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    Well John, he didn't say don't prime it. He said prime it using the starter with the spark plugs removed.
     
  14. Big_John

    Big_John Illegitimi non carborundum FCBO Gold Member

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    I'm not understanding his logic in doing it that way.... The pump isn't down in the oil like other engines, so you have to pull the oil up to the pump, fill a large filter, and then fill the big oil passages in the block. It's going to take a lot of cranking to get that done. Since the bearings etc. are lubed in assembly, I would suppose there would be no damage, but I have to agree with Dave about wiping the assembly lube off the cam. Wiping a lob or two of a new cam at startup has always been my fear, and excessive cranking without firing is always listed as a cause.

    If you want to do it that way, I would suggest that at minimum, you fill the oil filter with oil, although you can only fill it halfway because it mounts horizontally. At least that part of the system has oil in it. It really should, eventually, have oil pressure, but if you have been cranking on this engine for a while and that hasn't happened at all, I'd be concerned.
     
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  15. Ripinator

    Ripinator Senior Member

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    Alright, guys. . . I surrender. . . I just ordered the priming tool from Amazon. I'll give it all a go next weekend. Its a three-day holiday weekend, so I'm hoping to get fire in the hole, at least by next Monday. Thanks again to everyone who chimed in on this.
     
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  16. 70bigblockdodge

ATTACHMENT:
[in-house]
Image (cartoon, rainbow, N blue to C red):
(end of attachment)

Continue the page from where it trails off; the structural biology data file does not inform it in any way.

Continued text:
70bigblockdodge Old Man with a Hat FCBO Gold Member

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    CCW on the drill
     
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  17. GJS

    GJS Senior Member FCBO Gold Member

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    I would DEFINITELY jump on the bandwagon with the priming tool. When I did my first 440 (which I built myself) I used it and had no problems at all. When I did my timing chain and other things in my 383 I didn't at first and it was clacksville once it fired. I didn't run it long before deciding to shut it down and get the priming tool.
    I popped the valve covers off and hooked up a manual gauge, ran the drill (CCW as stated above) until I could feel the draw on it. I then ran it for another 20 seconds or so each at several different positions in the engine's rotation then brought everything back to TDC #1... Put the dist back, hooked everything up and she fired right off. No light, no clacking.
    Tool is worth every penny and second used.
     
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  18. commando1

    commando1 Mr. Normal FCBO Gold Member

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    You need a POWERFUL drill, btw...
     
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  19. ImpJay

    ImpJay The different young FCBO Gold Member

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    I`m waiting for the time when it expands like what happened to Doc.:popcorn:
     
  20. 70bigblockdodge

    70bigblockdodge Old Man with a Hat FCBO Gold Member

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    Let go of the trigger when it starts to smoke, cool down, repeat.